12/17/22 Davidson, Fletcher Loyer 3-pointer

Freshman guard Fletcher Loyer shoots a 3-pointer against Davidson during the Indy Classic at Gainbridge Fieldhouse. Loyer hit 1 of 8 from 3-point range.

The Purdue basketball team ranks 303rd in Division I men’s basketball in 3-point shooting after 13 games.

Showing the potential for improvement after starting the year 34.5% from behind the arc, Purdue failed to effectively turn around its 3-point shooting struggles in the next four games. The most recent game against Florida A&M was a particularly underwhelming performance, with a 6-of-25 shooting from behind the arc.

As they enter conference play, the Boilermakers’ only visible stain seems to be their shooting woes. They are 13-0 with a top-25 defense and top-5 offense, according to Kenpom.com, an online statistical ranking.

Of the last 22 national champions, 16 have shot at least 37% from behind the arc. If Purdue were named the national champion today, its current percentage of 30.5 would place it dead last among all champions since 2000.

It is unexpected for the team to shoot as poorly as they have. Fortunately, strong offensive rebounding and impressive 2-point shooting have helped maintain a high level of offensive performance.

However, it's likely that what were close wins against Nebraska and Davidson will soon become losses in the more challenging conference play that lies ahead for the Boilers if the team doesn’t shooter better from 3.

So is this a cause for concern for the team?

An easy way to see if the team’s 3-point shooting is more a factor of random chance, rather than outside factors, is to look at this statistically. Stay with me here while I try to explain this in mathematical terms.

A Wald interval, also known as a binomial proportion confidence interval, is a way to estimate the probability of an event occurring based on the number of times it has occurred in a sample. This interval gives us a sense of the range of possible values for Purdue's 3-point shooting percentage and quantifies the uncertainty of the current shooting.

The 95% confidence interval for Purdue's 3-point shooting, is between 36.9% and 29.9%. This means if the team were to take an unlimited number of 3-point shots, its shooting in the same sample size would fall within this range 95% of the time.

Given that the Boilers could have realistically achieved a shooting percentage between 36.9% and 29.9% at the onset of the season, the current 30.5% figure is subject to fluctuation. In other words, the sample size of Purdue's shooting statistics is still too limited at this juncture of the season to be predictive of the final figure.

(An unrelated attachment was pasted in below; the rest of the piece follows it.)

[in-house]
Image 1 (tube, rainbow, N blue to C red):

It is still possible the Boilermakers have been significantly unlucky and will, in fact, bounce back to the league average of 34% or even higher. It is not uncommon for teams to experience shooting slumps, and it is likely that Purdue's current woes are simply a result of random chance.

Head coach Matt Painter remains steadfast in his belief that the shooting will eventually turn around.

"We just didn't make open shots, and the guys we had shooting the basketball are guys that make more than they (did tonight)," Painter said after the Nebraska game, in which the team shot 7 of 29 from behind the arc.

In nearly every game in which the Boilers struggled with their 3-point shooting, Coach Painter has lauded the team's shooting ability and emphasized that the shots taken have been quality looks.

Painter's assertions are supported by analytical evidence. Purdue ranks first among all teams in terms of offensive shot quality, according to ShotQuality.com, a website that analyzes multiple variables (who is shooting, shot distance, player shooting ability, etc.) of each shot to rate its quality.

Purdue is getting its best shooters open looks. And the shooters aren’t the problem either.

Last year's team boasted 38.4% 3-point accuracy, ranking fifth in the nation. While the team lost two key shooters in Jaden Ivey and Sasha Stefanovic, they were replaced with freshmen Braden Smith and Fletcher Loyer.

Loyer won the national high-school 3-point contest last year, and Smith leads the team in 3-point percentage. Young players do, however, take time to adjust their shooting to the college level.

As the Boilermakers enter conference play, it is worth considering their impressive performance against top-ranked opponents. When the team was shooting at its peak, 38%, it decisively defeated heavyweights such as Duke and Gonzaga in lopsided victories.

It will hope to do the same against the next opponent, Rutgers, which brings back bad memories from the last time Purdue played it while ranked No. 1 overall.

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